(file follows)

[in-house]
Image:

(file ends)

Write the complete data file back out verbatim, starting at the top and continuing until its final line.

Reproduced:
[in-house]
Image: